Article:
For three days you give your toddler lots of salty snacks and all the juice she wants. The idea is to make her pee a lot. For those three days she does not wear diapers except to bed. You watch her like a hawk. When she starts to pee you put her on the potty. If some pee gets in the potty you give her a treat, we chose lollipops. If all goes as intended, after three days she will be potty trained enough that she asks to go potty when she needs it and you can go on short outings without accidents. That is the plan anyway.

I must also mention that my wife was not on board with this plan. I told her that we were going to try the plan for three days, if it did not work we would try again in a few months. While she was very vocal in her opposition to my plan, to her credit, she made every effort to make it work.

The first day (Wednesday) was rocky, most of the pee made it onto the floor. To our chagrin every time she peed on the floor she would shout "peed just like doggy!" You see, two days prior my elderly shih-tzu walked in front of the entire family, squatted, and peed all over the floor. Lila found this very funny. An even bigger problem was my 11 month old daughter who not only tried to climb on Lila's lap as she was using the potty, she tried to sit on the potty like her big sister. Watching two toddlers, one without a diaper, was difficult to say the least. Lila ended up actually going on the potty once. By the end of the day we were exhausted, discouraged, and my wife was livid.

When she is 14 she will kill me for posting this!

Day two I had planned on going hunting. However, I knew my wife couldn't take a full day of potty training by herself, so I canceled my trip and stayed home to help. Day two went awesome. No accidents, asked to go to the potty well before things started squirting, a dry diaper after nap, and even pooping in the potty! Day three (today) went even better. We are beginning to trust her and not watch her like a poodle watching a baby eat a cookie. I'm glad I stayed home. Had I went hunting I'm fairly sure my wife would have given up and we would be worse off than when we started.

The sixth lollipop of the day!

You may be wondering why I am writing about potty training on a hunting blog. It is all about priorities. Hunting is great. I day dream about it constantly, it is a passion. If I could hunt every day I would. I spend almost all of my spare money on it. I have an active blog about it. And if my family needed me to stop I would never hunt again.

I've met many hunters that put hunting over their families. Once I was on a three day hunt, that I needed to cut short by a day. My family had plans to go to the zoo. One of the guys on the hunt said, "You can go to the zoo anytime. This is hunting season." I just smiled and thought to myself, "I have the rest of my life to hunt, my daughter is only 2 for one year."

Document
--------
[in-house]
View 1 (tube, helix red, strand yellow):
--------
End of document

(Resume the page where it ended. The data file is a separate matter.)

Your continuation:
Hunters - remember what is most important.

Thursday, October 20, 2011

Hunting - A Game With Complex Rules

I'm heading out to a new WMA to hunt tomorrow. Its not the first time I have been there, but it is the first time I have been there this year. I won a quota hunt which gives me a few days to hunt on this particular piece of property. I'm not very hopeful that I will kill a deer, I did not see one on this property all last year, but it is worth a try and I have been meaning to get out there to do some scouting for fox season.

As is my habit, I looked up the regs for this area. Everywhere I hunt seems to have different regulations. I'm glad I did. I had assumed it was still bow season in this area, but I was wrong. Regular gun season had already started. This means I will need to wear blaze orange. I don't mind wearing blaze orange, but had I not checked the regs I would have unknowingly broken the law. This is not the first time I have been surprised by an oddball season or regulation.

Take a look at this map:

This is the map showing you the different seasons for gun deer hunting in Virginia. Each color is a different set of rules. I live in the tidewater region, but I sometimes hunt farther to the west. This means in the course of one gun deer season I need to consult five different sets of rules. This does not include bow season, muzzleloader season or quota hunts which have their own sets of rules. Also, don't forget the other game animals, each with their own set of rules depending on where you are at. 

I'm not a dumb person, but this is confusing! I remember when gun season was gun season. All you had to worry about is getting your license and following one set of rules. Now even getting the license is complicated. This year I purchased a general, big game, muzzleloader, and crossbow license, a state stamp, a federal stamp, and got a HIP number. I don't mind paying at all, in fact I basically just buy everything whether I need it or not, just to be safe. 

There are a couple guys I am trying to get into hunting. When I explain the rules their eyes just glass over. I know one guy who tried to follow the rules, messed up a bunch of times, and now just says "screw it" and doesn't even read the regs. This is the wrong attitude and I do not hunt with him any longer, but it is telling. 

If I am reading the VDGIF budget correctly, more money is spent on administration than actual game management in Virginia. I believe that the rules are so complex because it is easier to make rules than actually manage the game system. I don't see a solution.